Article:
By Adam Malecek
MADISON — Compared to conventional manufacturing methods, additive manufacturing (also known as 3D printing) is far better at producing metal parts with very complex shapes, making 3D printing attractive for applications in aerospace and biomedical industries, among others.
But there’s a downside. Metal parts created with additive manufacturing have defects, such as pores and cracks in the material, that significantly compromise the finished part’s strength and durability.
“Using metal 3D printing, we haven’t been able to consistently produce parts with the same high quality and reliability as those made by conventional methods, which means we have big concerns about using 3D-printed parts for critical or load-bearing applications where failure isn’t an option,” says Lianyi Chen, a University of Wisconsin–Madison assistant professor of mechanical engineering. “This quality problem is the biggest barrier for using metal 3D printing in various applications.”
Now, Chen and his students have discovered a way to enable a prominent additive manufacturing technique called laser powder bed fusion to produce metal parts that have significantly fewer defects. They detailed their findings in a paper published recently in the journal Nature Communications.
“We demonstrate a potential way to solve the quality problem by making metal 3D printing technology much more reliable, enabling it to produce consistent, defect-lean parts,” Chen says. “Using our unique method, we were able to 3D print a metal part that has very few defects and a comparable quality to that of a commercially manufactured part that you could buy off the shelf.”
It’s a promising solution to a longstanding problem in metal additive manufacturing, and it opens a door to widespread industry adoption of this manufacturing technology.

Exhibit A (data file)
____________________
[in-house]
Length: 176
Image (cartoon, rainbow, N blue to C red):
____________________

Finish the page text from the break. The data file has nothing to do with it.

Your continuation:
The researchers’ technique involves using ceramic nanoparticles to control instabilities in the laser powder bed fusion additive manufacturing process that cause defects.
Laser powder bed fusion uses a high-energy laser beam to melt thin layers of metallic powder in select locations. The material then cools, forming the finished metal part. However, as the laser interacts with the powdered material, the powder surface heats to boiling temperature and creates hot vapor. This vaporization creates pressure that pushes down on the pool of melting material causing droplets to splash out. These droplets can cause unpredictable defects in the printed part. Droplets also can collide and merge to form a larger droplet, creating even more problems in the additive manufacturing process and leading to subpar printed parts.
By coating the metal powder with ceramic nanoparticles, the researchers could control these instabilities. Using both high-speed synchrotron x-ray imaging and theoretical analysis, they found that the nanoparticle coating stabilized the melt pool, preventing liquid droplets from spraying out and forming the larger spatters.
“When we introduced the nanoparticles, we found that they made the liquid droplets almost have an armor on the surface so that when they collided, they didn’t merge together,” says Minglei Qu, a graduate student and lead author of the study. “For the first time, we were able to get rid of the problematic large spatter.”
In addition to the possibilities it holds for 3D manufacturing, Chen says the advance could lead to improvements in a broad range of applications, including laser polishing, laser cladding, welding, casting, and fluid stability control, among others.
Additional authors of the study include Qilin Guo, Luis I. Escano, Ali Nabaa, S. Mohammad H. Hojjatzadeh, and Zachary A. Young, all graduate students in Chen’s lab.
This research was supported by grants from the National Science Foundation and the UW–Madison Startup Fund.